Bid to save nearly-lost language

Harold F. Schiffman haroldfs at
Sun Jun 12 16:04:29 UTC 2005

>>From BBC News,

Bid to save nearly-lost language

It is spoken by only a handful of people but, after 5,000 years, a rare
native American language is to get its own dictionary.  Some 300 people,
descendants of a Native American people in west Canada, still speak
Nuuchahnulth. But almost no young people in the community on Vancouver
Island know the ancient language. The professor behind the dictionary
project hopes the text will help the language survive by aiding teachers.

The dictionary, which has 7,500 entries, is the fruit of 15 years of
research into the language. It is based on both work with current speakers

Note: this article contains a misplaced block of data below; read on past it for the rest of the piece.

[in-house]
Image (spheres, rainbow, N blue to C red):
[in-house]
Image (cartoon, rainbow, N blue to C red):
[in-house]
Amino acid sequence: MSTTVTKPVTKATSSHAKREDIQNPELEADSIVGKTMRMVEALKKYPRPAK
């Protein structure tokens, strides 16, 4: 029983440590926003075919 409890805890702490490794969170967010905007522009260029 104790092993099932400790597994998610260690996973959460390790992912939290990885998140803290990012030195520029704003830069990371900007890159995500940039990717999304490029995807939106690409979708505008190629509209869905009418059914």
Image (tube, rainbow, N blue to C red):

and notes from linguist Edward Sapir, taken almost a century ago.

puqee-oh - Always-absent woman
hina?aluk - I look out for what I know is to happen
Simaacyin?ahinnaanuhsim?aki - their whaling spears were poised in the bow
haasulapi-ck'in?i - sing a little louder

"Less than 10% of the traditional population now speaks the Nuuchahnulth
language," Dr John Stonham of Newcastle University told the BBC News
website. He said linguists found the language fascinating because of its
complexity. "Entire sentences can be built up into a single word," Dr
Stonham said.

"But there are also some concepts that can be encapsulated in a single
syllable. A single sound describes the state of remaining in seclusion
when the husband goes out to hunt, for example." Dr Stonham hopes
providing a dictionary of words will encourage teachers to use the
language in the classroom and that older people too will be spurred into
passing their language on to the next generation.

Story from BBC NEWS:

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